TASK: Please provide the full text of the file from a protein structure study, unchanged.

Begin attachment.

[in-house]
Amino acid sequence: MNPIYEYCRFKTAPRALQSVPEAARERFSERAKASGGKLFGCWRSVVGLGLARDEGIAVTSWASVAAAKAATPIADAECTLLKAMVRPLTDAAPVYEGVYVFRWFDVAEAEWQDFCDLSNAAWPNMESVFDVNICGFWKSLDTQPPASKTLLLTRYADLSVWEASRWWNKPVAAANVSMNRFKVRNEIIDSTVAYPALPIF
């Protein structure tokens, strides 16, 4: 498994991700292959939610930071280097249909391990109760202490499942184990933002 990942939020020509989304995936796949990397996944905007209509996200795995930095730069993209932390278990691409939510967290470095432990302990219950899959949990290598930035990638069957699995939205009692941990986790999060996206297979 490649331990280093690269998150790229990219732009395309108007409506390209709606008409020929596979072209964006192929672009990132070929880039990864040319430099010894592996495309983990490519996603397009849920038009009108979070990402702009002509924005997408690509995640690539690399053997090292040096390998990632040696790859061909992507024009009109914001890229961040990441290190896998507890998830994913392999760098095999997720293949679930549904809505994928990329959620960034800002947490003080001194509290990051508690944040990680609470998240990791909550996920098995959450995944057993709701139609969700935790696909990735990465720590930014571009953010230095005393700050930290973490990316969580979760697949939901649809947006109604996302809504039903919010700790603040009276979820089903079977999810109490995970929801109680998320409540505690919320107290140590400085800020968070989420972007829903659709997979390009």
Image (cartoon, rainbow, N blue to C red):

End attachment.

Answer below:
[in-house]
Amino acid sequence: MNPIYEYCRFKTAPRALQSVPEAARERFSERAKASGGKLFGCWRSVVGLGLARDEGIAVTSWASVAAAKAATPIADAECTLLKAMVRPLTDAAPVYEGVYVFRWFDVAEAEWQDFCDLSNAAWPNMESVFDVNICGFWKSLDTQPPASKTLLLTRYADLSVWEASRWWNKPVAAANVSMNRFKVRNEIIDSTVAYPALPIF
């Protein structure tokens, strides 16, 4: 498994991700292959939610930071280097249909391990109760202490499942184990933002 990942939020020509989304995936796949990397996944905007209509996200795995930095730069993209932390278990691409939510967290470095432990302990219950899959949990290598930035990638069957699995939205009692941990986790999060996206297979 490649331990280093690269998150790229990219732009395309108007409506390209709606008409020929596979072209964006192929672009990132070929880039990864040319430099010894592996495309983990490519996603397009849920038009009108979070990402702009002509924005997408690509995640690539690399053997090292040096390998990632040696790859061909992507024009009109914001890229961040990441290190896998507890998830994913392999760098095999997720293949679930549904809505994928990329959620960034800002947490003080001194509290990051508690944040990680609470998240990791909550996920098995959450995944057993709701139609969700935790696909990735990465720590930014571009953010230095005393700050930290973490990316969580979760697949939901649809947006109604996302809504039903919010700790603040009276979820089903079977999810109490995970929801109680998320409540505690919320107290140590400085800020968070989420972007829903659709997979390009």
Image (cartoon, rainbow, N blue to C red):